If you’re like me, lunchtime is a much enjoyed reprieve to “sandwich” in the busy work day. It also means that $5 to $9 are about to leave the wallet. This may not seem like much, but after grabbing a quick bite over the last month, I counted my receipts and realized I said goodbye to $88.07. I’ve set a goal to shave that in half, and here’s what I’ve found to be helpful.
Water Cups Can Save a Ton
Did you know drinks are the number one profit margins (percentage-wise) at restaurants? Every time a cup is sold, restaurants are making around 800% profit. What really costs 18 or so cents costs the consumer $1.79. Avoid being marked up by sticking to the free water cup. You’ll immediately see your $5 to $9 reduce to $4 to $7. If you absolutely need that jolt of caffeine, keep a can in your purse or car and ask for a cup of ice. Enjoy that on your way back to work.
Consider the Questions
If you’re the type to visit the drive-thru during lunch break, you’ll most likely be offered to “try” something new. Those “trys” are new items that are usually marked up more than your average lunch. At the end of your order, you’ll probably be asked if that combo was “medium” or “large”. Stick with the small, and don’t let those little up-sizes get to you. Did you know that some of those cups only differ by a few ounces and yet charging you way more than a few cents? The stores asks consumers at the drive thru these questions to maximize profits. Take a few minutes to think about what you really want (and what you really want to spend) and stick to it at the speaker.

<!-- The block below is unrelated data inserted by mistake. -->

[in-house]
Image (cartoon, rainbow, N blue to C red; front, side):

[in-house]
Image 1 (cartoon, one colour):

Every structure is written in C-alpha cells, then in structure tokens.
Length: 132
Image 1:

Pack a Lunch (or More)
Taking 10 minutes (or less) on Sunday night and Wednesday night to pack a lunch will save you quite a few bucks as well. Grocery stores, especially warehouse bulk foods, are not as marked up as restaurants. Sure, you won’t be handed a delectable BLT at your request, but making a lunch yourself will bring down that $5 to $7 to $2 to $5 (if we’re going on averages). That combo at the sandwich shop costs $8.99, but if you make something similar the night before, you’re looking at $2 or so. Added Bonus: You can eat healthier by packing fruit instead of getting those fries.
Setting a few financial goals during your much needed lunch break can save way more than just a few bucks. After a month of trying these tips, my lunch receipts went from $88.07 to $62.44. I’m not quite there yet with my goal of reducing lunch expenses by half, but I’ve already earned myself a free tank of gas with the extra $25.
Do you have any tips to save while craving a bite?
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